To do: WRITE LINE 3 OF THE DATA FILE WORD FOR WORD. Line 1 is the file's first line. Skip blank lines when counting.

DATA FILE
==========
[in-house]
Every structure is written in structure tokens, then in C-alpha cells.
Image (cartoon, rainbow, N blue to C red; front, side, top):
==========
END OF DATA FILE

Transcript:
Image (cartoon, rainbow, N blue to C red; front, side, top):